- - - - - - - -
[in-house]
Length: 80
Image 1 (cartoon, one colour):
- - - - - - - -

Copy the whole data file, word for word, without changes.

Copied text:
[in-house]
Length: 80
Image 1 (cartoon, one colour):